NEW YORK (Reuters) - An in-school drug and alcohol abuse clinic is opening at a public high school on Long Island, the first of its kind in New York state and possibly in the nation, treatment advocates said on Wednesday.
Responding to soaring rates of substance abuse among students, the William Floyd High School in Mastic Beach will house the clinic starting in August.
It will be run by Daytop Treatment Services, a network of drug and alcohol abuse centers, at no cost to the school district. The clinic will provide counseling but cannot dispense methadone or other drugs.
"The school district is being incredibly proactive," said Daytop programs director Caroline Sullivan. "Other schools may have prevention programs, but this is a full-fledged treatment option with treatment done on site."
Substance abuse has "increased exponentially" among the 3,200 students at the school and there were 38 disciplinary hearings tied to drug and alcohol abuse in the last two years, according to documents filed by Daytop with the state of New York.
Partnership for a Drug-Free America said nationwide there are 19 "sober high schools," meaning the entire student body is either in recovery or has pledged to steer clear of alcohol and drugs.
On Long Island, the clinic in an otherwise typical public high school, is the first of its kind in New York and apparently no others exist elsewhere in the country, a Daytop spokesperson said.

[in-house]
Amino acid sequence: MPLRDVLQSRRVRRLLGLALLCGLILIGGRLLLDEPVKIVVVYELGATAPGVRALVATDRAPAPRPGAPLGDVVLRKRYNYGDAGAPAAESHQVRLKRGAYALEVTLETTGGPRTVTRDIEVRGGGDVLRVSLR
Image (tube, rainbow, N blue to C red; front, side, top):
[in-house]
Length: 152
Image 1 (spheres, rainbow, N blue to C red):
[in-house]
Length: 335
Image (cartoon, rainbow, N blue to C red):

The clinic's clients will include walk-ins, referrals from school officials in lieu of suspension and those ordered to treatment by a judge. Teachers and administrators will not know which students are involved in the program, tailored specifically to young people.
"There are very few programs that are adolescent specific," Sullivan said, despite the fact that "adolescents are starting to use at a much younger age."
Officials from William Floyd School District were not immediately available for comment.
Sullivan said that Daytop hopes similar programs will be introduced in other schools that have the same problems.
"If it's seen that we are prospering and having success, other school districts will jump on board," she said.
Editing by Barbara Goldberg and Greg McCune